Disclosure – As of this writing, the author owns shares of Roche.

Related Articles
  1. Investing News

    What You Can Learn from Carl Icahn's Mistakes

    Carl Icahn has been a stellar performer in the investment world for decades, but following his lead these days could be dangerous.
  2. Stock Analysis

    Forest Laboratories: An Activist Investment Analysis

    Find out how patience and perseverance paid off big-time for billionaire activist Carl Icahn during his four-year fight with Forest Laboratories.
  3. Stock Analysis

    Analyzing Altria's Return on Equity (ROE) (MO)

    Learn about Altria Group's return on equity (ROE) and analyze net profit margin, asset turnover and financial leverage to determine what is causing its high ROE.
  4. Investing News

    Zika: Study Says This Device Could Protect You

    New research just uncovered an inexpensive, commercially available device that might help fight off the mosquito that carries the dreaded Zika virus.
  5. Investing News

    Icahn's Bet on Cheniere Energy: Should You Follow?

    Investing legend Carl Icahn continues to lose money on Cheniere Energy, but he's increasing his stake. Should you follow his lead?
  6. Stock Analysis

    Analyzing Google's Return on Equity (ROE) (GOOGL)

    Learn about Alphabet's return on equity. How has its ROE changed over time, how does it compare to its peers and what factors are driving ROE for the company?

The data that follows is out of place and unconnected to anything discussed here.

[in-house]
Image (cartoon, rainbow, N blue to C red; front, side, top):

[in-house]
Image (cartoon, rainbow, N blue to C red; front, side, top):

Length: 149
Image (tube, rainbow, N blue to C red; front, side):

7. Fundamental Analysis

    How Pharmaceutical Companies Price Their Drugs

    Learn more about how pharmaceutical companies price drugs, why prices are often very high and why it can be difficult to settle on a suitable price.
  8. Investing News

    Is Buffett's Bet on Oil Right for You? (XOM, PSX)

    Oil stocks are getting trounced, but Warren Buffett still likes one of them. Should you follow the leader?
  9. Stock Analysis

    Jana Partners: An Activist Investor Analysis

    Learn about Jana Partners, a hedge fund founded by Barry Rosenstein. Read about new positions in ConAgra and Qualcomm the fund took in 2015.
  10. Stock Analysis

    The Biggest Risks of Investing in Johnson & Johnson Stock (JNJ)

    Learn the largest risks to investing in Johnson & Johnson through fundamental analysis and other potential risks. Also discover how JNJ compares to its peers.
RELATED FAQS
  1. How do dividends affect retained earnings?

    When a company issues a cash dividend to its shareholders, the retained earnings listed on the balance sheet are reduced ... Read Full Answer >>
  2. What is the difference between called-up share capital and paid-up share capital?

    The difference between called-up share capital and paid-up share capital is investors have already paid in full for paid-up ... Read Full Answer >>
  3. Why would a corporation issue convertible bonds?

    A convertible bond represents a hybrid security that has bond and equity features; this type of bond allows the conversion ... Read Full Answer >>
  4. How does additional paid in capital affect retained earnings?

    Both additional paid-in capital and retained earnings are entries under the shareholders' equity section of a company's balance ... Read Full Answer >>
  5. What types of capital are not considered share capital?

    The money a business uses to fund operations or growth is called capital, and there are a number of capital sources available. ... Read Full Answer >>
  6. What is the difference between issued share capital and subscribed share capital?

    The difference between subscribed share capital and issued share capital is the former relates to the amount of stock for ... Read Full Answer >>
COMPANIES IN THIS ARTICLE
Trading Center